Cooking with Cast Iron

In recent years, the boyfriend and I have been taking gradual steps toward reducing our exposure to risky chemicals in household products. I could write a whole post about this, as it’s much trickier than it should be, but today I wanted to share my experience with a certain kitchen-related detail.

I’m not super proud to admit this, but until very recently I had always employed a non-stick skillet as a major part of my cookware arsenal. It’s been my easy solution for cooking eggs, pancakes, quick sautes and stir fries. While the EPA does not currently attribute health risks to nonstick cookware, the potential concerns of the surface materials are enough reason for me to avoid them if possible.

Over time I’ve tried traditional Teflon pans as well as a variety of PTFE/PFOA-free cookware. While these new “greener” alternative surfaces may be promising, they also have limited research regarding their long-term safety. And as you may have guessed from my track record, I’m not only dissatisfied with the potential health implications, but I’ve also become really tired of replacing them practically every year as they wear out and lose their non-stick qualities.

So, when the surface on my last pan had reached its limit, it was time to consider my options:

  • Continue to grudgingly replace non-stick cookware and acknowledge the potential health risks? No… the madness must end!
  • Stainless steel? Maybe, but I feel like certain sticky foods will pose a challenge and I’ll find myself adding much more oil when cooking.
  • Carbon Steel? What am I, a millionaire?
  • Raw cast iron? When well-seasoned, it is a natural non-stick surface. It’s regarded for its even heat retention and unique ability to create a beautiful extra-golden crust. It even has the benefit of providing extra dietary iron with regular use. So many cooks love using cast iron… maybe it’s time for me to be one of them!

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Less-Mess Blender Trick: The Mason Jar Magic Bullet

For a big weekend project, it can be a necessary evil to destroy the kitchen with splatters, spills, and a mountain of dirty dishes. But in my daily life, I’m rather mess-averse. I don’t have a dishwasher in my apartment, and if a recipe is going to fill my sink up with multiple pots and bowls, it definitely makes me think twice before committing to a late night of scrubbing. Any trick that leads to fewer dishes to clean? I’m all over it.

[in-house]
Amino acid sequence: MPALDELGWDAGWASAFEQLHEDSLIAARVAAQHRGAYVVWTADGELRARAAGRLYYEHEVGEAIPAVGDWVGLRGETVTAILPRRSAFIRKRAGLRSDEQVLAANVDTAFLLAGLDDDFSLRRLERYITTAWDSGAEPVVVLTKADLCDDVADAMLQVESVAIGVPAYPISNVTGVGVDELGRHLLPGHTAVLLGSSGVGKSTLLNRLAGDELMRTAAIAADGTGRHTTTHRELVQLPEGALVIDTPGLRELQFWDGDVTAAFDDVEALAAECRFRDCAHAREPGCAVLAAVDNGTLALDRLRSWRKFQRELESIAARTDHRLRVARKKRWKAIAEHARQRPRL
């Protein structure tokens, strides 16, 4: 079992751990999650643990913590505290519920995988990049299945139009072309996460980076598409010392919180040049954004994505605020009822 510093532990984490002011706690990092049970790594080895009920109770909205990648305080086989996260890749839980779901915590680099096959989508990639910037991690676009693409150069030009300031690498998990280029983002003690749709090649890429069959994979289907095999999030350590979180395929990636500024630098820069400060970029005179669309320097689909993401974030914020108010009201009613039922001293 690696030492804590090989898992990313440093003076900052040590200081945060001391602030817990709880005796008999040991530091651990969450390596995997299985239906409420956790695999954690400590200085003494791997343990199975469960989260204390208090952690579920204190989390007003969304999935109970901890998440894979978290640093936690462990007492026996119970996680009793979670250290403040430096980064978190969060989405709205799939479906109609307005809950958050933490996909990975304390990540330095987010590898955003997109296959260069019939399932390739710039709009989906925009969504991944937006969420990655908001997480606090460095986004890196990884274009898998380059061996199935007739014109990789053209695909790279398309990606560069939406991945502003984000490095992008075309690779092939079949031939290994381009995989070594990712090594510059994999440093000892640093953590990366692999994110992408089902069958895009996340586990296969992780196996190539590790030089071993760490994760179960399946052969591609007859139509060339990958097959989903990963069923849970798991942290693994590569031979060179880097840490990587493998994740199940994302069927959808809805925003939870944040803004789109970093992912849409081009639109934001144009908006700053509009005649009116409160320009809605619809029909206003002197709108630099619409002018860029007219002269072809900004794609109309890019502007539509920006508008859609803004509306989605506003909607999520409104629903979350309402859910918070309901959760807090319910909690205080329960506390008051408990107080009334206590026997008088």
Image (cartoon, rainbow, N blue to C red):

By now, the trick I’m sharing today has saved me hours in dish-washing grief. Even more than most dishes, I hate dealing with a dirty blender… the huge, clunky pitcher and all the moving parts – just for one measly smoothie!

So, did you know that all standard blender bases are the same size as the opening of a regular (not wide-mouth) mason jar? To create your own “Magic Bullet” single-serve blender, all you have to do is unscrew your blender’s base/blades/gasket and screw them onto a simple canning jar. You can make small batches of blended foods right in the jar, and then use the same vessel for storage or consumption! I find that a pint sized jar is the most useful; just the right size for a bowl of hummus or salsa, and for smoothies I can drink it straight from the jar, or put on a canning lid and take it on the go!

In an effort to fight the worldwide epidemic of unnecessary blender-scrubbing, I made an amateur-hour attempt at creating this post’s pinnable images to let us visualize the possibilities. So if you found this helpful, please share!

Mason Jar Magic Bullet

I’ll admit, when perusing the blogs and reading about the next “amazing trick” for whatever kitchen task, I usually go into it expecting to have heard it before. I take after my lovely mom, who made sure I knew how to remove stray eggshells/keep biscuit dough cold/identify properly risen bread/etc. from an early age.Β I strangely pride myself on borderline obsessive knowledge of kitchen techniques, and even I had never heard of this trick until maybe a year ago! So I feel it’s my duty as a blogger who strives to make cooking accessible, toΒ shout this one from the rooftops… this tip is a winner!

For full disclosure, it’s important to note that the glass in mason jars does not adhere to the same safety standards as the strongly tempered glass in blender pitchers. I have a hard time imagining the thing blowing apart, but I suppose it’s possible, so take that into consideration (no suing me, ok?). If you’re concerned about safety, throwing a towel over top of the jar while blending would presumably contain any breakage.

Have you heard this tip before? Do you screw a mason jar onto your blender? What other foods should I be blending??